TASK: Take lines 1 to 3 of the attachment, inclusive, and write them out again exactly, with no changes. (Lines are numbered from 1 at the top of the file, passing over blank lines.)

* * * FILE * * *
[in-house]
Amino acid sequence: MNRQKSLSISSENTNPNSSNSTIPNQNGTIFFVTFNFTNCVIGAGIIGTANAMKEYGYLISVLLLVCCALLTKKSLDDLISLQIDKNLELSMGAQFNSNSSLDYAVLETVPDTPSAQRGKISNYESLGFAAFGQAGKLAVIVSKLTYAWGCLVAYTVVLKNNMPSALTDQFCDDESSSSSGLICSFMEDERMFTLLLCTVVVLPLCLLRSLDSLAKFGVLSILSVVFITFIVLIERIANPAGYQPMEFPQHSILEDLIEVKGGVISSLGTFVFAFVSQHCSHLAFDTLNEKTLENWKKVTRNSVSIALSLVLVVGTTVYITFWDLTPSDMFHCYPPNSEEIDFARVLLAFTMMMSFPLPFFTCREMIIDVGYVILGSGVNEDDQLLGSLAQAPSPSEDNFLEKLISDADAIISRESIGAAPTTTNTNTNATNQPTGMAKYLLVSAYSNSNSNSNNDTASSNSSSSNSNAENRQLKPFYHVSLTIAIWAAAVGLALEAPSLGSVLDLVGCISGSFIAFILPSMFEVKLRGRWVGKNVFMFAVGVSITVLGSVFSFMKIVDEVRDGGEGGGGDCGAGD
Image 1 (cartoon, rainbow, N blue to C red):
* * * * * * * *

[in-house]
Amino acid sequence: MNRQKSLSISSENTNPNSSNSTIPNQNGTIFFVTFNFTNCVIGAGIIGTANAMKEYGYLISVLLLVCCALLTKKSLDDLISLQIDKNLELSMGAQFNSNSSLDYAVLETVPDTPSAQRGKISNYESLGFAAFGQAGKLAVIVSKLTYAWGCLVAYTVVLKNNMPSALTDQFCDDESSSSSGLICSFMEDERMFTLLLCTVVVLPLCLLRSLDSLAKFGVLSILSVVFITFIVLIERIANPAGYQPMEFPQHSILEDLIEVKGGVISSLGTFVFAFVSQHCSHLAFDTLNEKTLENWKKVTRNSVSIALSLVLVVGTTVYITFWDLTPSDMFHCYPPNSEEIDFARVLLAFTMMMSFPLPFFTCREMIIDVGYVILGSGVNEDDQLLGSLAQAPSPSEDNFLEKLISDADAIISRESIGAAPTTTNTNTNATNQPTGMAKYLLVSAYSNSNSNSNNDTASSNSSSSNSNAENRQLKPFYHVSLTIAIWAAAVGLALEAPSLGSVLDLVGCISGSFIAFILPSMFEVKLRGRWVGKNVFMFAVGVSITVLGSVFSFMKIVDEVRDGGEGGGGDCGAGD
Image 1 (cartoon, rainbow, N blue to C red):